The solution appears to lie in deconstructing the myth of abuse and engaging with its reality. This must be done in a spirit of openness and detached objectivity by shedding our habitual prejudices and pre-conceptions. Relating to the peculiar facts and circumstances surrounding individual children in individual families will help us to avoid the two extremes of under protection and over protection. Over-reacting to child abuse is as harmful – to the child and the child’s relationships as not reacting at all.

It is true that child abuse has generated more heat than light in this country. Greater importance has been given to punishing offenders than taking care of the long terms needs of children. As in so many other issues people find it easier to blame some one rather than take responsibility for the painstaking and ordinary task of helping those who have fallen by the wayside. What is unacceptable is the persistent neglect of the same children, whose cases receive prominence for a day in court and a day in the media, after they are handed over to under-resourced homes administered by Probation and Child Care.

What with all the ‘officers,’ ‘laws,’ ‘courts,’ ‘institutions,’ ‘international conventions’ and countless ‘human rights’ we now have certain fundamentals appear to have been forgotten.

In a human society there are people who need help. Then there are people who are capable of providing that help. What we need between these two groups is good communication. Good communication is based on trust and the respect earned by trust and these things make up a human relationship. Trust is developed over time and it is won with patience and consistency. There is a simple model that summarizes the essence of the spirit of brotherhood when dealing with our fellow beings. It refers to 3 inter-dependent and inter-connected duties.

  • Duty of communication
  • Duty of understanding
  • Duty of accurate empathy

This ensures that the recipients of help get what they need as opposed to what the helper wants to give. Our approach to abused and neglected children is based today on what we want to give them according to the way we have organized society. This is the narrow charity and hand out approach guided by our own need to feel that we are ‘doing something’ rather than a truly intelligent assessment of the situation and a willingness to change the way we live and work.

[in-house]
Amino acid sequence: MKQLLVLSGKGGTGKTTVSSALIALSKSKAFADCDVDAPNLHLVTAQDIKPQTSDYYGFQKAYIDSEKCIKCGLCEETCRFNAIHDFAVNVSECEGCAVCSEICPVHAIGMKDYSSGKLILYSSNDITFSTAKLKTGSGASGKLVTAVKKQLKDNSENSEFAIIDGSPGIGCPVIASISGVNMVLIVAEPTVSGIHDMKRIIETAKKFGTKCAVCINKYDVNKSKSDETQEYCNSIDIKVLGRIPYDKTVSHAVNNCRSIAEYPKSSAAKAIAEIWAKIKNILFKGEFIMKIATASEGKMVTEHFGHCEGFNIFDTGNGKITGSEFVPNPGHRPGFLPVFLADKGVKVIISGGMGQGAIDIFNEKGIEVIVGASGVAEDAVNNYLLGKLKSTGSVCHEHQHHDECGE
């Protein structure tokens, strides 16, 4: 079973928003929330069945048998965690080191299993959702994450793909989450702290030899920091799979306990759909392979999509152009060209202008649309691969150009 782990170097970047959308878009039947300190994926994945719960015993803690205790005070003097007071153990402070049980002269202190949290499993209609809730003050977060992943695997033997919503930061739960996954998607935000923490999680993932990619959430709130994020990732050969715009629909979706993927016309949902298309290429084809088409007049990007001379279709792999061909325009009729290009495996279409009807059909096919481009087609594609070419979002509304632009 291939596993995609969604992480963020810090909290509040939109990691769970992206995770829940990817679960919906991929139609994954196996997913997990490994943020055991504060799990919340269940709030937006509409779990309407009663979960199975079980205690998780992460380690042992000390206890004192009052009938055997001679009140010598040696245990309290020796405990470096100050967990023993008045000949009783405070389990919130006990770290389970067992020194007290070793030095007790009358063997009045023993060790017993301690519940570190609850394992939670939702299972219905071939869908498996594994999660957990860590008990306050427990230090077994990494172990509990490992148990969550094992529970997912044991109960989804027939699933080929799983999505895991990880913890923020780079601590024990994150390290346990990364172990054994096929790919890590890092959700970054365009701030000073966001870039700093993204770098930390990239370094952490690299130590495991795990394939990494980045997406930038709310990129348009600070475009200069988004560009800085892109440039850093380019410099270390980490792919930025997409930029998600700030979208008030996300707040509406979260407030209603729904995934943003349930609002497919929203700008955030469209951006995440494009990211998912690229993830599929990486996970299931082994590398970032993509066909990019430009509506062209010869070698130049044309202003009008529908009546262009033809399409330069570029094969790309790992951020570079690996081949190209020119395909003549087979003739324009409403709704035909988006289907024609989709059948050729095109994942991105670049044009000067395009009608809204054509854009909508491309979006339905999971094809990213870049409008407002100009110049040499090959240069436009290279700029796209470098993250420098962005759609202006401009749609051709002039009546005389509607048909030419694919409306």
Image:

After the Tsunami for example the magic word was counseling. Whenever we are faced with an issue we simply add to the existing disorganized service provision without effecting some radical changes to the way we work. In short we need to do less – not more and do what we do well. The emphasis must turn from quantity to quality.

Because professionals have no time to listen we turned to counseling. And because counselors are too busy listening to offer practical help we will turn to social workers. The only way out of this vicious cycle is to return to fundamentals.

Human values can only make sense if we institutionalize them in a way that those who come for help are listened to and made true partners in a journey to recovery and reintegration. Instead we make them dependent; dis-empower them and take decisions on their behalf and end up messing everything.

There is a framework provided by modern social work which has institutionalized the spirit of brotherhood. Within it the philosophy and responsibility is well defined.

Human beings are autonomous and they move towards greater autonomy in their own way. Others can only help this process by understanding them within a reliable and trusted relationship. This relationship can take years but it must in some way move the recipient of help towards greater autonomy. The helper may not live to see the journey completed. But the most important thing is that the recipient should have another human being by his side. Once the recipient achieves a measure of confidence and self esteem the helper can move away.

In child protection we are dealing with an intensely human and emotional matter. If we are to stop harming and start helping these children, we must engage with it in a holistic and professional way.

The modern definition of a professional must be a human being who sees, understands and deals with the full picture that is life. This may be a dream today but it is a dream worth dreaming if we really want to organize ourselves better to ensure the human rights of children who have none.